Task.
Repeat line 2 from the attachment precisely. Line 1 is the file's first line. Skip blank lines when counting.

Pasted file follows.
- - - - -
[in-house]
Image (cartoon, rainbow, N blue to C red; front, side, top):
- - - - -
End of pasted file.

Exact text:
Image (cartoon, rainbow, N blue to C red; front, side, top):